In women with PE, ultrasound findings at admission were similar.  Patients in the comparison group had the following values: length – 89 (83.5; 108) mm; width – 66 (59.5; 75) mm; thickness – 88 (72; 105.5) mm; expansion of the uterine cavity up to 12.5 (6.5; 15) mm; and total volume of the uterus – 325.8 (180.2; 476.3) cm3 (p>0.05). It should be noted that in patients with PE, subinvolutive changes in the uterus were diagnosed in of the 78/100 (78%) cases. Notably, the uterine volume was significantly smaller in the subgroups of women with USI and PE after abdominal delivery (p<0.05).

In the USI group, 75/100 (75%) of the postpartum women received antibiotic therapy, with a median number of days of antibiotic therapy of 4.5 (2.3; 7), and the most frequently prescribed drugs were metronidazole, 58/100 (58%), ceftriaxone, 32/100 (32%), and amoxicillin+clavulanic acid, 10/100 (10%). All postpartum women received uterotonic therapy, which had a positive effect.

It was noted that the mean number of days of antibiotic therapy in women with USI and PE were comparable (Table), while in the group with PE, in half of the cases (54/100 (54%)), antibiotic therapy included inhibitor-protected aminopenicillins, 36% (36/100) ciprofloxacin, and 10/100 (10%) cephalosporins in combination with metronidazole.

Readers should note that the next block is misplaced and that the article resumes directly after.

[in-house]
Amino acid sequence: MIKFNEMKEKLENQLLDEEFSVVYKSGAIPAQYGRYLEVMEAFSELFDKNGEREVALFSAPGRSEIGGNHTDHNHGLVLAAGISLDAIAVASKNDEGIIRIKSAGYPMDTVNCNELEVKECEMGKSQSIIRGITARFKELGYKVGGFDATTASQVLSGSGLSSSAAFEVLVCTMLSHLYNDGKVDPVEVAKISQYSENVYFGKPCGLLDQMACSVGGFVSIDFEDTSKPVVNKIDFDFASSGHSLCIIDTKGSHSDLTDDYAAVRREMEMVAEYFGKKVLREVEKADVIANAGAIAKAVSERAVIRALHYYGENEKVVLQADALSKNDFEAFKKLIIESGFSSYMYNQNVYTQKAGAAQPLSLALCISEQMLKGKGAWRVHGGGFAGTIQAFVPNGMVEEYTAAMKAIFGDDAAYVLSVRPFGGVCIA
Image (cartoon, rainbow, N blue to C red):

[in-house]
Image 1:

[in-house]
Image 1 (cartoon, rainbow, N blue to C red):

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When evaluating the treatment in postpartum women with USI, it was noted that surgical interventions took place in only a quarter of patients in this group and included hysteroscopy in 26/100 (26%) and in 3/100 (3%) women, placental tissue remnants in the uterine cavity were visualized during hysteroscopy. In 2% (2/100) of the cases, hysteroscopy was combined with diagnostic laparoscopy, and the indication for the intervention was the suspicion of a uterine scar defect according to ultrasound data in the group of women after abdominal delivery.

In the group of women with PE, hysteroscopy was performed in 45% (45/100) of the patients, and in every third of them, 32/100 (32%), vacuum aspiration of the contents of the uterine cavity for hematometra and placental tissue remnants were performed. On an average, hysteroscopy was performed on postpartum day 16 (13; 18); in 2/100 (2%) cases, it was combined with laparoscopy. It should be noted that in the group of women with PE after abdominal delivery, hysteroscopy was performed significantly more often in 43/50 (86%) patients than in the group of patients with PE after SB, 33/50 (66%], p=0.041).